2 suffered millions of dollars in damages.
3 FIFTEENTH CAUSE OF ACTION
4 De arator Re ie
5 A ainst Lantern
6 147. Yucaipa incorporates by reference the allegations in each of the preceding paragraphs
7 as if fully set forth herein.
8 148. Declaratory relief is appropriate in this action because the rights, duties, and
9 obligations of Lantern and Yucaipa are at issue.
10 149. An actual controversy has arisen and now exists between Lantern and Yucaipa
11 concerning their respective rights and obligations under the Confidentiality Agreement. Specifically,
12 Yucaipa asserts that it had no legal obligation under the Confidentiality Agreement to share the
13 Yucaipa Confidential Information with Lantern for the purpose of facilitating the Lantern Bid, and
14 Lantern had a legal obligation under the Confidentiality Agreement not to use the Yucaipa
15 Confidential Information for the purpose of facilitating the Lantern Bid.
16 150. Yucaipa desires a judicial determination regarding the parties’ respective rights and
17 obligations under the Confidentiality Agreement, including that it had no legal obligation under the
18 Confidentiality Agreement to share the Yucaipa Confidential Information with Lantern for the
19 purpose of facilitating the Lantern Bid, and Lantern had a legal obligation under the Confidentiality
20 Agreement not to use the Yucaipa Confidential Information for the purpose of facilitating the Lantern
21 Bid.
22 151. A judicial determination is necessary and appropriate at this time in order for Yucaipa
23 to ascertain its rights and obligations, and those of Lantern, with respect to the Confidentiality
24 Agreement. At this time, Lantern continues to deny it breached the Confidentiality Agreement.
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1 SI TEENTH CAUSE OF ACTION
2 De arator Re ie
3 A ainst Lantern
4 152. Yucaipa incorporates by reference the allegations in each of the preceding paragraphs
5 as if fully set forth herein.
6 153. Declaratory relief is appropriate in this action because the rights, duties, and
7 obligations of Lantern and Yucaipa are at issue.
8 154. An actual controversy has arisen and now exists between Lantern and Yucaipa
9 concerning their respective rights and obligations under the Lantern/Yucaipa Deal. Specifically,
10 Yucaipa asserts that Lantern has a legal obligation under the Lantern/Yucaipa Deal to pay Yucaipa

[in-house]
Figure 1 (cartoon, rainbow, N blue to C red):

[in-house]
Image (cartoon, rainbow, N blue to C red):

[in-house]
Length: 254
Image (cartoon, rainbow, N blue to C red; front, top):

11 the transaction fee, to reimburse Yucaipa’s costs and expenses, to allow Yucaipa to contribute to the
12 Lantern investment vehicle its and its affiliates’ preexisting financial interest in TWC in return for an
13 equivalent equity interest, and to provide Yucaipa the option to invest up to 50 million of additional
14 capital in the Lantern acquisition vehicle.
15 155. Yucaipa desires a judicial determination regarding the parties’ respective rights and
16 obligations under the Lantern/Yucaipa Deal, including that Lantern has a legal obligation under the
17 Lantern/Yucaipa Deal to pay Yucaipa the transaction fee, to reimburse Yucaipa’s costs and expenses,
18 to allow Yucaipa to contribute to the Lantern investment vehicle its and its affiliates’ preexisting
19 financial interest in TWC in return for an equivalent equity interest, and to allow Yucaipa the option
20 to invest up to 50 million of additional capital in the Lantern acquisition vehicle.
21 156. A judicial determination is necessary and appropriate at this time in order for Yucaipa
22 to ascertain its rights and obligations, and those of Lantern, with respect to the Lantern/Yucaipa Deal.
23 At this time, Lantern continues to refuse to comply with its obligations under the Lantern/Yucaipa
24 Deal.
25 PRAYER FOR RELIEF
26 HEREFORE, Yucaipa prays for the following relief:
27 1. Actual, incidental, and consequential damages to compensate Yucaipa for the
28 economic harm and injury suffered as a result of Defendants’ breaches and broken promises;

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1 2. Punitive damages sufficient to penalize Defendants for engaging in fraudulent conduct
2 and deter future fraudulent conduct;
3 3. Restitution of all benefits Defendants improperly obtained, directly or indirectly, from
4 Yucaipa, as well as disgorgement of the proceeds of Defendants’ wrongful conduct;
5 4. An award of specific performance and/or appropriate injunctive relief against Lantern
6 Asset Management GP, LLC, pursuant to section 6 of the Confidentiality Agreement, preventing
7 Lantern Asset Management GP, LLC from selling, hypothecating, pledging, or disposing of any
8 interest in the entity that purchases the TWC assets;
9 5. A judicial declaration that Lantern is obligated to pay Yucaipa the transaction fee, to
10 allow Yucaipa to contribute to the Lantern investment vehicle its and its affiliates’ preexisting
11 financial interest in TWC in return for an equivalent equity interest in the Lantern acquisition vehicle,
12 to allow Yucaipa to invest up to 50 million in the Lantern acquisition vehicle, and to reimburse
13 Yucaipa’s costs and expenses;
14 6. Injunctive relief, including an order prohibiting Defendants from engaging in wrongful
15 conduct described herein and remedying the harm caused by Defendants’ conduct;
16 7. Attorneys’ fees, costs, and expenses incurred in connection with this action; and
17 8. Such other and further relief as this Court may deem just and proper is appropriately
18 awarded.
19 DEMAND FOR JURY TRIAL
20 Plaintiff hereby demands a trial by jury on all matters so triable.
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1 DATED: May 1, 2019
2 GIBSON, DUNN & CRUTCHER LLP
ROBERT KLYMAN
3 PERLETTE MICHÈLE JURA
SHANNON MADER
4 MATTHEW T. SESSIONS
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6 By:
Perlette Michèle Jura
7
Attorneys for Plaintiff
8 THE YUCAIPA COMPANIES, LLC
103266377.28